It is undeniable that keeping babies still when they are young is a rather difficult task, especially during meals. To help parents deal with the constant stress of worrying about their children falling over and hurting themselves, manufacturers came up with the idea of making high chairs.
High chairs are used by many parents all over the world, whether they are new at parenting or if they already have prior experience. However, knowing when to stop using high chair may be pretty confusing to new parents since even after they are three years old, some children may still seem unable to sit on their own.
Sounds like you? Read on to find out when to stop using the high-chair for your baby and let them get accustomed to sitting on their own during meals.
When to Stop Using High Chair
Let’s learn about the time when you have to stop your kid from using a high chair.
When They are Able to Get Out with Ease
This is one of the biggest giveaways that your child no longer needs a high chair. If they can manage their way out of the constraints of a high chair, it means that they are old enough to analyze situations like that and think on their own about what they want.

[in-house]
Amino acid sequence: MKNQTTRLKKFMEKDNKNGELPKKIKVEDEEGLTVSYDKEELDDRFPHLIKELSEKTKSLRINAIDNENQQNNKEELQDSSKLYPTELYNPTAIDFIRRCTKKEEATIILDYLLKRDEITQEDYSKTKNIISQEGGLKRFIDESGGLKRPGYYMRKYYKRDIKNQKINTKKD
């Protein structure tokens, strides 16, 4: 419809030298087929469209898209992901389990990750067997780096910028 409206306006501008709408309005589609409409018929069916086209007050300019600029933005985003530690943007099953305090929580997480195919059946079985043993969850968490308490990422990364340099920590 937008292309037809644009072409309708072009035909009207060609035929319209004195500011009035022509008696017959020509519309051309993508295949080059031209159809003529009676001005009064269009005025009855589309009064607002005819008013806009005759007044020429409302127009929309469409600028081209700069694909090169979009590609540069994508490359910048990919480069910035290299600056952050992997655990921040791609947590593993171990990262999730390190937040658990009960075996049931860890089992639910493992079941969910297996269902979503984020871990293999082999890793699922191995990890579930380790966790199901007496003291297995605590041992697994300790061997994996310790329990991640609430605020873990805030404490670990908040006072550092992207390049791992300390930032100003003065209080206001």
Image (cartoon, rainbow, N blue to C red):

Usually, this will happen once they are around 2.5 to 3.5 years of age, but it could also happen sooner than that. However, try not to keep them in the high chair for longer than the stated period because they will start to develop an unhealthy habit of always sitting there, and it will be difficult for you to get rid of it in the future.
Ideally, try to use the high chair less frequently after your baby is past three years of age.
When They Want to Sit with Everyone Else
Kids usually like to imitate the people they are closer to or the people around them. Once your child starts to realize that he/she is the only one sitting in a high chair, they will start wanting to sit on a regular chair just like the rest of the people in the house.
If you are a working parent and leave your child at the daycare for the most part of the day, then this could also be a major reason behind them wishing to sit at the table on a regular chair.